Someone must have dug deep into the archives to find photos of active sisters dressed like the photos in ‘Fair Point’.
Within 10 years of the second Vatican Council in the early sixties, nearly all of them had given up the old habits (form of dress) for discrete, simple habits or ordinary clothes.
Only enclosed, contemplative nuns still wear full habits, complete with long black veils and white kerchiefs.
I entered such a monastery at the age of 22, and if failed surgery had not forced me out, I would still be there.
Your correspondent is very much mistaken, imagining that such a choice of life is due to a ‘deep-seated dissatisfaction with the way their lives are panning out’. If their vocations are not genuine, this will be found out by the community, who must vote for them to be accepted as novices after a year as a postulant (one who knocks at the door), then again after two years with a white veil as novices, followed by at least three years in temporary vows.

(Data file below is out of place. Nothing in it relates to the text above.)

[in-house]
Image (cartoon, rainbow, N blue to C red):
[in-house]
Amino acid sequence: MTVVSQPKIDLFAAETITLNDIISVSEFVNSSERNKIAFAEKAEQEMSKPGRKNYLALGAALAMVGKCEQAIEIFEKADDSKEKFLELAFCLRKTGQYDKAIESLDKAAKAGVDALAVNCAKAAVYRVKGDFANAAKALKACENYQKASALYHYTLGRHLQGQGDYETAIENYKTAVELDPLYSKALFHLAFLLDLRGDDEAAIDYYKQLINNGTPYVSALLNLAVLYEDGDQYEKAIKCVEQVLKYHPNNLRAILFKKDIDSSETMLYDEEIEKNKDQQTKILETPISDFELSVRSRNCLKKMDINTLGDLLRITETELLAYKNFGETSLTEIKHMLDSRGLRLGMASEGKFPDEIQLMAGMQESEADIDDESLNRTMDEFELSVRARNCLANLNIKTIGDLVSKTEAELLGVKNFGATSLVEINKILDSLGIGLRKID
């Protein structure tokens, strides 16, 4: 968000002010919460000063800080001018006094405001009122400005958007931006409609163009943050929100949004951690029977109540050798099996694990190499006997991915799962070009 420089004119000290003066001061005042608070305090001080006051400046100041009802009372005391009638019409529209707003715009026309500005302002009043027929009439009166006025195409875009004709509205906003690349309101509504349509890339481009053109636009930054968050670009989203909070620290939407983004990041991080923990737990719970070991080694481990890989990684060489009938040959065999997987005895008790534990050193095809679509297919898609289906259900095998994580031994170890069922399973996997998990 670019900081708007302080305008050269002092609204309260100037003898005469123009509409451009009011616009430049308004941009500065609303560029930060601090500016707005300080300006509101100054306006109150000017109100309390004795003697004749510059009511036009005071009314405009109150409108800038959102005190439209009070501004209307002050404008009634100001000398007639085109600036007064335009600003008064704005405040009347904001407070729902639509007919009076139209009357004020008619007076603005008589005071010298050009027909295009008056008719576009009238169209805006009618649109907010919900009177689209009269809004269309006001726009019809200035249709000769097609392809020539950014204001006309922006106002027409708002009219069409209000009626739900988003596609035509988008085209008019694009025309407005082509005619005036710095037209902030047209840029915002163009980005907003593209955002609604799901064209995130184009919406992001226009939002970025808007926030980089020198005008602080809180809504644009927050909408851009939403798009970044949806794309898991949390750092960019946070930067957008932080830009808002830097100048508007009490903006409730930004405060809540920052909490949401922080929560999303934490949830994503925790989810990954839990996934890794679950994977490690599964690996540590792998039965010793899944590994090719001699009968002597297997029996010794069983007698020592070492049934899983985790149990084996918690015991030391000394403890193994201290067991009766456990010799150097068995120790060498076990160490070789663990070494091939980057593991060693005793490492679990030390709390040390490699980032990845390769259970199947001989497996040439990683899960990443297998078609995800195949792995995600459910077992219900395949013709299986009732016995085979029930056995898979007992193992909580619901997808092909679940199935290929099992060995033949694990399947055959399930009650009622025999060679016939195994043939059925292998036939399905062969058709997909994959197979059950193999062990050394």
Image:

I survived the ticking of the maternal clock, as did most of my sisters. Those who couldn’t applied to be dispensed from their vows, if they had got as far as solemn, perpetual vows. The last thing communities of nuns want is women running from life hoping for a refuge